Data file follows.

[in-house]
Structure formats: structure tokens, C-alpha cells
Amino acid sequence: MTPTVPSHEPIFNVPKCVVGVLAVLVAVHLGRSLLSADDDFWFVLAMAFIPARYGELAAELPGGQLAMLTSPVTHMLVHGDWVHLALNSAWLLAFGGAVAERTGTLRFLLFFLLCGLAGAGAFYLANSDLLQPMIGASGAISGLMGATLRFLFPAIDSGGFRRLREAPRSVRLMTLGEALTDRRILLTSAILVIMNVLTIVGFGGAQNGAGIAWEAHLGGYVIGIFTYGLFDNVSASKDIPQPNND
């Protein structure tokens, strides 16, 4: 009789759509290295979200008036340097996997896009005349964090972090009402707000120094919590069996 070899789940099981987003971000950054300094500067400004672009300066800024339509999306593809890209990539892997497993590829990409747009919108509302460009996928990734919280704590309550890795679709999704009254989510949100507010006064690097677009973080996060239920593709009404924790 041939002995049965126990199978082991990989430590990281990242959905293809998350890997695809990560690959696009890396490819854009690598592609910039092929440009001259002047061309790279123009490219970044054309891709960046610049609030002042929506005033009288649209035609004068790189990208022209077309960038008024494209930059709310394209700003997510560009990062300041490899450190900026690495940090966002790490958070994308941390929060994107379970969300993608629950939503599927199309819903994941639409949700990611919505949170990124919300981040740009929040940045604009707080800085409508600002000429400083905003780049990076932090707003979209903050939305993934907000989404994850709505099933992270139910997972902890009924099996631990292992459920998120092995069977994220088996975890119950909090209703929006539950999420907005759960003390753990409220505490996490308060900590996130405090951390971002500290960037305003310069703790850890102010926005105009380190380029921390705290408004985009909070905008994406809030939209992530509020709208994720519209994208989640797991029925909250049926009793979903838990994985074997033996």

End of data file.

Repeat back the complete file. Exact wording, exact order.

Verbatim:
[in-house]
Structure formats: structure tokens, C-alpha cells
Amino acid sequence: MTPTVPSHEPIFNVPKCVVGVLAVLVAVHLGRSLLSADDDFWFVLAMAFIPARYGELAAELPGGQLAMLTSPVTHMLVHGDWVHLALNSAWLLAFGGAVAERTGTLRFLLFFLLCGLAGAGAFYLANSDLLQPMIGASGAISGLMGATLRFLFPAIDSGGFRRLREAPRSVRLMTLGEALTDRRILLTSAILVIMNVLTIVGFGGAQNGAGIAWEAHLGGYVIGIFTYGLFDNVSASKDIPQPNND
């Protein structure tokens, strides 16, 4: 009789759509290295979200008036340097996997896009005349964090972090009402707000120094919590069996 070899789940099981987003971000950054300094500067400004672009300066800024339509999306593809890209990539892997497993590829990409747009919108509302460009996928990734919280704590309550890795679709999704009254989510949100507010006064690097677009973080996060239920593709009404924790 041939002995049965126990199978082991990989430590990281990242959905293809998350890997695809990560690959696009890396490819854009690598592609910039092929440009001259002047061309790279123009490219970044054309891709960046610049609030002042929506005033009288649209035609004068790189990208022209077309960038008024494209930059709310394209700003997510560009990062300041490899450190900026690495940090966002790490958070994308941390929060994107379970969300993608629950939503599927199309819903994941639409949700990611919505949170990124919300981040740009929040940045604009707080800085409508600002000429400083905003780049990076932090707003979209903050939305993934907000989404994850709505099933992270139910997972902890009924099996631990292992459920998120092995069977994220088996975890119950909090209703929006539950999420907005759960003390753990409220505490996490308060900590996130405090951390971002500290960037305003310069703790850890102010926005105009380190380029921390705290408004985009909070905008994406809030939209992530509020709208994720519209994208989640797991029925909250049926009793979903838990994985074997033996």